clock menu more-arrow no yes mobile

Filed under:

Just how much better *should* the Giants’ offense be?

Baseball’s publicly available statistical projections are for entertainment purposes only, but in this case, are they more entertaining than the product we’ve seen on the field?

MLB: San Francisco Giants at New York Mets Andy Marlin-USA TODAY Sports

We’ve done posts before about how the Giants’ hard hit balls suggest they should be performing better offensively and that there’s nothing to worry about with certain players, so here’s what you need to know going into this one:

Weighted On-Base Average (wOBA) combines all the different aspects of hitting into one metric, weighting each of them in proportion to their actual run value. While batting average, on-base percentage, and slugging percentage fall short in accuracy and scope, wOBA measures and captures offensive value more accurately and comprehensively.

It is a context-neutral value (runners on base, etc.) that also doesn’t incorporate park factors. Hitting at Coors Field will give a player a higher wOBA than others, but wOBA at large still gives a better sense of offensive contribution in a single form a la OPS. So, yeah, think of it as a better-measured OPS and you’re all set.

MLB’s Baseball Savant site uses Statcast data (hard hit balls, barreled ball percentages, etc.) in concert with wOBA to generate an xwOBA stat — that is, an expected Weighted On-Base Average. wOBA tells us the value of what happened, xwOBA suggests what should have happened based on the quality of a player’s contact. Baseball Savant goes into more detail:

Expected weighted on-base average (xwOBA) is formulated using exit velocity and launch angle, two metrics measured by Statcast.

In the same way that each batted ball is assigned a Hit Probability, every batted ball has been given a single, double, triple and home run probability based on the results of comparable batted balls -- in terms of exit velocity and launch angle -- since Statcast was implemented Major League wide in 2015.

This can be useful to us because our eyes and feelings can lead us astray. The following 2018 xwOBA leaderboard won’t brighten your day, but it will make the Giants’ post-All Star Break fart smell 1% better.

The standing MLB leaderboard has a minimum threshold of 250 plate appearances. Only 8 Giants qualify for that list, so there are three spots here that are Not Ranked that get on after expanding the minimum to at least 150 plate appearances.

2018 xwOBA leaderboard

Brandon Belt 0.350 0.383 1st 33rd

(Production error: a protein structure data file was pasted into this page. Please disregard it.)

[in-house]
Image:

Andrew McCutchen 0.336 0.365 2nd 67th
Buster Posey 0.328 0.362 3rd 74th
Nick Hundley 0.319 0.350 4th Not Ranked
Joe Panik 0.282 0.338 5th 130th
Evan Longoria 0.299 0.333 6th 144th
Brandon Crawford 0.318 0.327 7th 164th
Pablo Sandoval 0.312 0.317 8th 185th
Gorkys Hernandez 0.304 0.314 9th 192nd
Hunter Pence 0.244 0.253 10th Not Ranked
Alen Hanson 0.324 0.244 11th Not Ranked

That’s a .170 variance overall between the Giants’ xwOBA and actual wOBA and as you can see, their better hitters should be doing even better and fluky fun guy Alen Hanson is getting away with a lot.

For context, the MLB league wOBA is .315. The Giants have six players with at least 150 plate appearances who are hitting above the league average. However, the Giants have 35 players with at least one plate appearance, and they’ve combined for a team wOBA of .299 (26th in MLB). If you convert that wOBA to a runs per game total (the squared value of the team wOBA divided by league wOBA, multiplied by the league’s average runs per game total, which in this case is 4.45), then you get 4.00 runs per game. Which is what the Giants had been averaging until these past 5 games. Their team average heading into tonight’s game is 3.97 runs/game. But that just confirms that wOBA really does work.

I don’t have the ability to average the xwOBA of all 35 Giants who’ve taken a plate appearance so I can’t use the average of that leaderboard to figure out how much better the Giants’ offense could be. There’s zero chance the team is collectively performing 17% worse than their expected value, as 10 of the 11 on the leaderboard are. So, I’m going to take some shots in the dark.

My initial calculation was a team-wide 10% difference between xwOBA and wOBA, which would boost the Giants’ team wOBA to .329 and convert to 4.85 runs per game (which would make them 5th place in MLB and #1 in the National League). That’s way too high and pretty ridiculous. And, yeah, if every team’s offense was 10% better, we’d see an improvement of a whole order of magnitude, league-wide.

Let’s get conservative and boost the Giants’ team wOBA (again, based on the xwOBA leaderboard) by 5%. That moves them from .299 to .314, just a tick under league average. What would a tick under league average Giants offense look like? They’d average 4.42 runs per game, (again, 4.45 runs per game is the MLB average) and 17th overall, ahead of the Pirates, Brewers and Phillies.

Expected stats are meaningless beyond showing what could be possible based on the available data. The Giants constructed a team with players they figured could perform to at least this far-fetched-sounding team .314 wOBA and have faced injuries and setbacks all season long. This doesn’t suggest that they’ll turn it around and go on a run over these final 6 weeks or so, it’s just good to know that the slog could’ve felt a little less sloggy.